Sheryl Sandberg and Harvard’s Housekeepers
Speaking at Harvard this week, Sandberg “sent word she does not have time to host a ‘Lean In circle’ with the hotel employees.”
Sheryl Sandberg claims to speak for working women. Especially poorer working women, according to the spokeswoman for Sandberg’s Lean In foundation: “The principles of Lean In are just as, if not more, important to women with lower incomes.”
So now comes Sandberg’s big test: Will she stand up for, and with, the women workers at a Hilton DoubleTree hotel in Cambridge, which is on a property owned by Harvard University? The workers want to be represented by a union. The hotel is resisting them. And Harvard isn’t helping.
Sandberg is going to be at Harvard this week, delivering a Class Day speech. The female employees at the hotel have asked to meet with her.
What happened next will not amaze you.
According to the Boston Globe, Sandberg “sent word she does not have time to host a ‘Lean In circle’ with the hotel employees.”
Here’s more from the Globe:
The attempt to unionize the workers began more than a year ago, when 70 percent of the approximately 112 nonmanagerial workers at the DoubleTree — housekeepers, banquet servers, front desk agents, van drivers, and Scullers Jazz Club employees — signed a petition asking for a “fair process,” Local 26 said.
Such an agreement would allow them to discuss joining a union without retaliation from the company. When a group of workers and Harvard students tried to deliver the petition to the former general manager, he refused to accept it, according to Local 26.
[. . .]
DoubleTree management has held meetings with employees, both in groups and one-on-one, to discourage them from unionizing, according to Local 26. It said management retaliated against one organizing committee member by putting fliers in the cafeteria and locker room calling him a “mole” and taking away extra shifts at Scullers.
Hilton declined to respond to the allegations.
Sandberg has been criticized for creating a movement aimed at financially well-off women, but her Lean In foundation says it has partnered with several organizations that serve lower-income women, including Dress for Success, and supports Lean In circles of domestic workers in San Francisco, as well as rescued sex slaves in Miami.
[. . .]
As part of the hospitality workers union, DoubleTree workers would get a bump in pay, more affordable health insurance, and standardized workloads.
DoubleTree workers are not necessarily on the bottom rung of the economic ladder. Housekeeper Delmy Lemus, for instance, earns $15.82 an hour, plus tips, and has access to company-subsidized health insurance.
But Lemus, 33, said the family plan rates would consume nearly half her weekly paycheck. She decided to opt out of the benefit and enroll herself and her two daughters in MassHealth, the state insurance plan for low-income residents.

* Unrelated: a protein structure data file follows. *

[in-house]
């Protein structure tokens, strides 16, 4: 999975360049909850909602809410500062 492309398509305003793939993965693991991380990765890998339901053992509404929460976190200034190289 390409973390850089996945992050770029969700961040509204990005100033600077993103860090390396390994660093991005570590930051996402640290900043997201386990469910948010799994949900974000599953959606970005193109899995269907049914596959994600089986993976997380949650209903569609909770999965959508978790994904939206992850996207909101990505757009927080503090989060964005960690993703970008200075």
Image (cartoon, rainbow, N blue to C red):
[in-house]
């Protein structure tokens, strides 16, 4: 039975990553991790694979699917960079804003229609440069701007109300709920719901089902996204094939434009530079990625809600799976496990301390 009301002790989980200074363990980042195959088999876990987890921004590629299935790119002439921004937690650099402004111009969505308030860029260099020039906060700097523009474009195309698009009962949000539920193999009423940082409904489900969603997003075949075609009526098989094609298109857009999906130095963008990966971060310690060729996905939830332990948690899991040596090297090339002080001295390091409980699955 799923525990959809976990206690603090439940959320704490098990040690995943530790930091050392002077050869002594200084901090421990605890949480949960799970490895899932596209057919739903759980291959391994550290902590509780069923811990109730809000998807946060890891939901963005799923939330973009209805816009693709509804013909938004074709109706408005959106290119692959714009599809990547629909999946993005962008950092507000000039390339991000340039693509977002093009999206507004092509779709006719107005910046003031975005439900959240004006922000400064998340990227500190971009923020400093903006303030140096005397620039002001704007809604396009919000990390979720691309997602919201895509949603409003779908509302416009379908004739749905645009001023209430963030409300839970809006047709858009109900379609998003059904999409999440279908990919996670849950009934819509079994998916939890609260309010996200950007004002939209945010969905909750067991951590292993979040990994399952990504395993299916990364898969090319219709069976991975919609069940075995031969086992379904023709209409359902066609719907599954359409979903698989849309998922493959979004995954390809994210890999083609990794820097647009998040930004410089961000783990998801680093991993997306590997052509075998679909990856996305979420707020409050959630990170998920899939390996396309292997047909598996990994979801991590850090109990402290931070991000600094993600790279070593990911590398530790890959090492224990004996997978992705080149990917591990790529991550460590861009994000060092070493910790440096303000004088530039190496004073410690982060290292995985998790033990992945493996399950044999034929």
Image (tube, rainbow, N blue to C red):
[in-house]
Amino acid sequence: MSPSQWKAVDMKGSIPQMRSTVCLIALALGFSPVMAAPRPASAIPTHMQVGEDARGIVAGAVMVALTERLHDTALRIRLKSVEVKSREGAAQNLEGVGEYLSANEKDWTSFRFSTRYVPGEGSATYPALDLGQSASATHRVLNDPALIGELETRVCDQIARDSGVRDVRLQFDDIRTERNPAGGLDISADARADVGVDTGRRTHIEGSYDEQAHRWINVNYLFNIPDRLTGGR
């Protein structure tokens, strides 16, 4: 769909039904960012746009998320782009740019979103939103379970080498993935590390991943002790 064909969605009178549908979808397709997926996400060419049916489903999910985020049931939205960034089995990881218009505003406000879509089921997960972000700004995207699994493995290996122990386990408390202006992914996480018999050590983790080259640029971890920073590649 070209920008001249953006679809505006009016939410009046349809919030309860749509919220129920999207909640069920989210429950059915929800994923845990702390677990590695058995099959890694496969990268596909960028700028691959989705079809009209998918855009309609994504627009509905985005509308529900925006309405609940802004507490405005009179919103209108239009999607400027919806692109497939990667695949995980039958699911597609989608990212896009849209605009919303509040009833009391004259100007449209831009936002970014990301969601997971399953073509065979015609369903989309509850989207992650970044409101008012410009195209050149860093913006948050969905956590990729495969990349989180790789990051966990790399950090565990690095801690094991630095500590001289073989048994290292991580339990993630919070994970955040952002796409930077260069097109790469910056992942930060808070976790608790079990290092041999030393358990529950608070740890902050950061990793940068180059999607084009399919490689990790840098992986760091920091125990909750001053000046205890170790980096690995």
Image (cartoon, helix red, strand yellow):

The job is physically demanding, Lemus said. When she was pregnant with her now four-year-old daughter, Lemus began suffering sciatic nerve pain and was barely able to stand by the end of her shifts.
In her eighth month of pregnancy, she was assigned to the hotel’s laundry room. Lemus said she had to push carts loaded with linen and pull out heavy sofa beds.
“Almost every day I was crying,” the Revere resident said.
In a survey of dozens of DoubleTree workers done for Local 26 last summer, Harvard student Gabriel Bayard said every employee he interviewed complained of chronic pain, and nearly all said their workloads had increased in recent years.
More than 100 Harvard students have gotten involved in the DoubleTree campaign, including Sasanka Jinadasa, 21, president of the Radcliffe Union of Students, a feminist advocacy group. “If [Harvard] has a vested interest in the profits and the outcome of the company, it should care about what the workers want as well,” she said.
[. . .]
Lemus, a single mother, wants to save up enough money to send her daughters to college and eventually start her own housecleaning service. She said “leaning in” to make her voice heard, and fighting for union protections, is the beginning of that process.
“We’re just housekeepers, people without education. But we work very hard,” she said. “We have dreams.. . .We don’t want to die cleaning rooms in a hotel.”
Perhaps all the scolds who think students shouldn’t protest commencement speakers whose views they don’t like, and who think, in the face of all the evidence, that commencement speeches are an occasion of deep intellectual exchange, could now put some pressure on Sandberg to actually use her Class Day speech to say something beyond bromides and cliches. And to meet with the workers, and their student supporters, so that we can have a real exchange of ideas.
Now that would be a commencement worthy of its name.